Sweden wants to crack down on those gambling operators who don’t comply with regulations. It recently went after Aspire Global for violating the rules last month and, in February, slapped Genesis Global on the wrist, as well. The country’s gambling regulator, Spelinspektionen, wants to step up its efforts but acknowledges that it can’t go at it alone. It is now looking for a company that can help it enforce its rules and assist with the license application verification process.
The entity will be responsible for investigating the applicant’s ownership and business structures, as well as all pertinent company information and other details that can be used in the verification process. The partner would also need to be able to verify the details submitted by the operator and to monitor current licensees’ activities to ensure compliance with regulations.
Sweden, as with many countries, is cracking down on gambling. It wants to make the activity less accessible in order to prevent gambling addiction and has introduced rules to ban certain types of advertising. While most countries issue fines if the rules are broken, Spelinspektionen is willing to revoke licenses of rule violators. There is also talk that gambling—in particular iGaming—could be completely off-limits from any type of advertising.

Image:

In addition to the fines that were levied against Aspire and Genesis, there has been a number of other operators who have been fined for not preventing underage gamblers from placing bets on soccer matches. Underage bettors were found to have placed wagers on a game between IFK Göteborg and AIK in the Swedish Allsevenska league and, in addition to the fines, all of the gambling operators are now subject to close scrutiny by Spelinspektionen to ensure that they play in according to the rules.
It isn’t clear from Spelinspektionen’s announcement how many applicants or actions the new partner will have to process. However, given the growth of the industry, anyone wanting to become a partner to the gambling regulator should expect to be busy. In the first quarter of the year, Sweden’s regulated gambling market saw turnover of $352.8 million and the future will most likely be even brighter. This is going to draw a lot of potential operators vying for licenses, as well as increase competition that will need to be monitored more often.